This blogspot is a medium to share my thoughts and adventures apart from promoting my books. Below are the books which have been written or authored and published by myself.

"Berpetualang ke Aceh: Mencari Diri dan Erti".

ISBN 983-42031-0-1, Jun 2006

"Berpetualang ke Aceh: Membela Syiar yang Asal"

ISBN 983-42031-1-x, May 2007

"Berpetualang ke Aceh: Sirih Pulang ke Gagang?"

ISBN 978-983-42031-2-2, November 2007

It is interesting to note that while these books were written in Malay it has gained enough attention to merit being part of the collections of the American Library of Congress and National Library of Australia. Look here and here.

While the first three books were published by my own company, the fourth titled "Rumah Azan" was published in April 2009 by a company called Karnadya with the help of the Malaysian national literary body Dewan Bahasa dan Pustaka. It features beautiful pictures along with stories behind selected mosques which could be related to the history of Islam and the Malays alongside the formation of the Malaysian nation. Look at the article A collaboration of old collegemates - the book "Rumah Azan".

My fifth book "Ahlul Bait (Family) of Rasulullah SAW and Malay Sultanates", an English translation and adaptation of the Malay book "Ahlul Bait (Keluarga) Rasulullah SAW dan Kesultanan Melayu" authored by Hj Muzaffar Mohamad and Tun Suzana Othman was published early 2010. Look here... My 5th book is out! Ahlul Bait (Family) of Rasulullah SAW and the Malay Sultanates... . For more information check out my Malay blogspot CATATAN SI MERAH SILU.

Like my fourth book "Rumah Azan", the sixth book "Kereta Api Menuju Destinasi" is also a coffee-table book which is published by the company Karnadya with the cooperation of Dewan Bahasa dan Pustaka (the main Malay literary body in Malaysia). Coming out January 2011 it features pictures and stories on the adventure travelling by train to all of Peninsular Malaysia along with the interesting places which could be reached this way.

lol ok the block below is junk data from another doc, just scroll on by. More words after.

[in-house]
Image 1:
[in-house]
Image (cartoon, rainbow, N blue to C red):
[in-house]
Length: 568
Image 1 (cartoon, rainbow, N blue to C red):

My seventh book "Jejak keluarga Yakin : Satu sketsa sejarah" in turn is a coffee-table book which is written, editted, designed and has pictures taken by me. Coming out of the factory October 2011, this book which combines family history with history of places such as Singapura, Johor, Batu Pahat, Muar and in fact the history of the island of Java and England has been reviewed with me interviewed live in the program Selamat Pagi Malaysia at RTM1. Look at the article Siaran langsung ulasan buku "Jejak keluarga Yakin : Satu sketsa sejarah" dan temu ramah di Selamat Pagi Malaysia. Some selected contents have been featured in Sneak peek "Jejak keluarga Yakin : Satu sketsa sejarah".


The "Berpetualang ke Aceh" series of novels could be obtained in e-book form. Enter http://www.e-sentral.com/, click general novel and go to page 4. You can also type the word "Aceh" at the search box. Or click straight Book 1, Book 2 and Book 3.

Sunday, June 20, 2010

The new but boring train stations between Kuala Lumpur and Ipoh

Peace be upon you all. Now is the time to continue the train travel-related stories. The last article on this was Kuala Lipis new town made 27th May based on the travel on the East Coast route 15-16 May. A week later me and photographer Faliq from Karnadya publishing made a trip to the north and this is a story...

After we left Kuala Lumpur the train made its first town in Tanjung Malim, a border town in the state of Perak.

Tanjung Malim now have a new station as part of the railway double-tracking project which would cover the distance along the Peninsular's West Coast route from Johor Bahru in Johor furthest south to Padang Besar in Perlis furthest north.